Ed Kozempel’s mindful journey with music By Glenn Holsten
When talking about his recovery journey, Ed Kozempel references Ein Heldenleben (A Hero’s Life), a tone poem by classical music composer Richard Strauss. It’s an apt reference. And while Ed wrestles with daily battles in his mind, music has always been a constant source of hope and happiness.
Ed was born and raised in North Philadelphia. With two bachelor degrees from University of the Arts (one in trombone performance and another in music education), young Ed Kozempel was well on his way to a career in music. But at age 26, mental illness interrupted his dreams.
He was lost to paranoid schizophrenia and bipolar disorder. At one time he was hospitalized with catatonic seizures. For thirty years he was in and out of hospitals, boarding homes and the street – “limbo” as he says — searching for the right path, the right medication to give him stability and a place to make music.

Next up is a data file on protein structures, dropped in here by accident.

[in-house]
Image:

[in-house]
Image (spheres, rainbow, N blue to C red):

Stephen Chbosky’s The Perks of Being a Wallflower became an instant cult classic among teens when it was published in 1999. I first encountered the book as a young teenager, and it has played a big role in my life ever since.
Clyde Petersen is one very, very busy guy. He is an indie animator, musician, and activist who lives and works in Seattle. He is currently knee-deep in an autobiographical feature-length animated film titled Torrey Pines, which he describes as “a stop-motion animated adventure film: coming of age with an undiagnosed schizophrenic single mother in San Diego in the 1980s.”
With a mother fueled by hallucinations of political conspiracy and family dysfunction, Clyde is kidnapped at the age of 12 and taken on a cross-country adventure that will forever alter the family as they know it.
Original Video by Glenn Holsten & The Fresh Fly Lab
A lovely summer night. A busy intersection in a big city. A chalkboard.
A few simple ingredients for an intriguing video.
Not too long ago, a video production team in Philadelphia set out to offer a chance for passers by to share their message with the world. The team had no agenda, and no one who participated was coached. On one side of the chalkboard we wrote a simple question: What is your message to the world? On the other, people wrote from their heart. It’s a big question, but very few people appeared at a loss for words.